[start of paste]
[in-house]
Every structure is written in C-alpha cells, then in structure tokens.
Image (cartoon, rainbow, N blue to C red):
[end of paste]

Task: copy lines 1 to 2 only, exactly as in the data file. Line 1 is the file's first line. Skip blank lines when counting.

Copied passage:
[in-house]
Every structure is written in C-alpha cells, then in structure tokens.